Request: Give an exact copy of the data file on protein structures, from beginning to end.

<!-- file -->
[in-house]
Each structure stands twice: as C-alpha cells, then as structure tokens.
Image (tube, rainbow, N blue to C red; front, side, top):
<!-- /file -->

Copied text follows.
[in-house]
Each structure stands twice: as C-alpha cells, then as structure tokens.
Image (tube, rainbow, N blue to C red; front, side, top):